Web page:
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Burq Off

Think you know Pakistani women? Think again...

Posted: 20.06.14

A humorous approach to the questions we Asians are all afraid to ask, Nadia Manzoor’s one woman show is breaking more than just boundaries, as Yasmita Kumar finds out….

Nadia Manzoor is not your average Pakistani woman – ok, she likes a good plate of biriyani and knows a thing or too about cricket but she’s also a woman who’s not afraid to get on stage and make you laugh. Yes we know Shazia Mirza also possess’ that skill, but Nadia’s brand of humour is so much more relevant, and funny.

The talented writer behind a one woman show called Burq Off, Nadia grew up in London but now resides in Brooklyn NY where her show has become so successful she’s one of the most respected stage stars of the moment. The 1hr 20 minute production has been a flying success in the US and there’s no doubt that she hasn’t put the work in. In the show Nadia plays 21 different characters keeping it interesting and entertaining, she explains: 'They are based on people who have influenced me in life. I enjoy playing and improvising the memories I have had with them, such as my parents.'

Growing up in London, Nadia faced a cultural conflict between the Muslim culture that she was taught at home with the English culture, which she was surrounded by. Naturally she became confused but managed to make sense of it all by creating Burq Off which charts her experiences and journey as a Muslim woman. What started off as a memoir was turned into a show giving a fresh insight into the life of a young Muslim woman enthused by her own experiences. She says: 'I was inspired by my own need to confliction. How does wearing a burka make you any more of a woman than wearing a bikini.'

Nadia trained at The Improv School in NYC and now teaches Improv there along with being a street dancer, specialising in Popping, Hip Hop, Bollywood and Bhangra. These experiences helped Nadia become familiar with being on the stage which helped her improvise her own stories. It was the reaction to her work and encouragement to take it further that led Nadia to devising her show. ‘I had no intention of creating a show but I found improvising my work gave a natural richness which a book would never have been able to give.’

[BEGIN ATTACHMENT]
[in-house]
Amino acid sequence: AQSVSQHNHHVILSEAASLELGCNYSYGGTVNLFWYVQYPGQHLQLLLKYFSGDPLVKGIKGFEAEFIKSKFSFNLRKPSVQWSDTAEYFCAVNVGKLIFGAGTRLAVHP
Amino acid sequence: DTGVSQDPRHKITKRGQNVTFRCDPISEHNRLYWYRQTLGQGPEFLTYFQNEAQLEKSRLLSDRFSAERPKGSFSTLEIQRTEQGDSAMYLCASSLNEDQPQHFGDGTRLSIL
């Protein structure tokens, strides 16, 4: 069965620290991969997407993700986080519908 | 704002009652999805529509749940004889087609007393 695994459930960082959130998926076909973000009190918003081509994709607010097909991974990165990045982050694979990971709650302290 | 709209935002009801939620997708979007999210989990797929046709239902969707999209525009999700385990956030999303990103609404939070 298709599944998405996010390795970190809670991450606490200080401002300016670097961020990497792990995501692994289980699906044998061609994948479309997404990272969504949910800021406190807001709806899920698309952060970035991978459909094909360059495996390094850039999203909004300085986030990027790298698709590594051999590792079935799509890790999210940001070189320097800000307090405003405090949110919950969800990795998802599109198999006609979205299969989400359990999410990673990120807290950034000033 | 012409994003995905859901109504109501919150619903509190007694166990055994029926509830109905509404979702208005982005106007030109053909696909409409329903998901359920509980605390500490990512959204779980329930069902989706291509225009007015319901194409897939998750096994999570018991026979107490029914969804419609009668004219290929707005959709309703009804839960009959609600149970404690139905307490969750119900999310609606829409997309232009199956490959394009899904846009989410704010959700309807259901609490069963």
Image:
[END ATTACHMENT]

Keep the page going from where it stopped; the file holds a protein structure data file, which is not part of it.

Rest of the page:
Nadia entered her work in a South Asian Writing Festival which lead to her collaboration with stage director Tara Elliott who helped her narrow down her memoir, creating a representation of her life on stage which debuted in December 2013.

Exploring and exposing her life and those close to her was a brave step. After being shunned by her family because her first serious boyfriend was Irish, Nadia was blamed for the death of her mother but these experiences and many more that she reveals makes the show compelling and emotional. Nadia creates many opposing positions where she explores different culture conflicts, relating them together and coming to a truthful conclusion. She says: ‘It’s more of an inquiry based show asking questions like, Where is a woman’s liberation? Why we do things just to belong? Why cant we explore sexuality? and Why do we have to face family challenges?’

Telling her story through comedy brings a light hearted approach to the issues Nadia explores. For example she shows her shy Muslim mother telling her what to do and has to deal with the battle within herself to try and understand her culture conflict. This powerful mix of both makes the play and the characters intriguing and engaging. Although some of what she covers is serious, Nadia also wants to entertain the audience. She explains: ‘I want my audience to have a good time and to laugh openly. I want them to be emotionally moved as I am when I perform.’

Thankfully you don’t just need to read about her show or fly out to the states to see it. Nadia is bringing Burq Off to the UK in September: get your tickets now before it sells out.

Find out more about Nadia: www.nadiamanzoor.com

Burq Off is on from 9th -14th September at The Cockpit, in Marylebone, London.

 

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